Women in polygamous customary marriages to get some relief on property rights

2017-11-30 22:45
The Constitutional Court  (File, Lerato Sejake, News24)

The Constitutional Court (File, Lerato Sejake, News24)

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Johannesburg – A section of the Recognition of Customary Marriages Act has been found to be inconsistent with the Constitution and was declared invalid by the Constitutional Court in Johannesburg on Thursday.

This follows legal action instituted by parties who had argued that they had been unjustifiably discriminated against because they were in Venda customary marriages.

Section 7 (1) of the Customary Marriages Act – which states that customary marriages entered into, are governed by customary law – goes hand in hand with the Venda custom which states that the ownership and control of marital property are reserved solely for husbands.

The court found that the section clashes with the Constitution as it unfairly discriminates against women in polygamous marriages on the basis of gender, race, and ethnic and social origin as it only applies to African women.

Legal Resources Centre (LRC) spokesperson Claire Martens said that the ruling was a huge victory for women who were married within historically patriarchal systems and who were often subjected to the control of male heirs of their spouses.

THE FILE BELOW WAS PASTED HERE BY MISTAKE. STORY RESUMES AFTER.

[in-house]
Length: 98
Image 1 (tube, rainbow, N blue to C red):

"Many elderly women who were married in polygamous customary marriages were left without any recourse and were specifically left vulnerable after their husbands passed away or if they were divorced. This was brought to the legislature's attention in 2008 in [a separate] case but the position was never altered, until now," explained Martens.

24-month deadline for Parliament

In a statement, the LRC said that the judgment brought some clarity to a previous constitutional case (Gumede v President of RSA) which only factored in the rights of those in monogamous customary marriages.

"The section was declared invalid in an earlier case but only insofar as it related to monogamous customary marriages (those were the facts before the court then). Now this case declares the section invalid as it relates to polygamous customary marriages," said Martens.

Women married in terms of African customary law will now have joint and equal ownership, as well as management and control over their marital property following Thursday’s judgment.

The section is not applicable to religious marriages.

Parliament has been given 24 months to correct the legislation.

Read more on:    culture  |  courts

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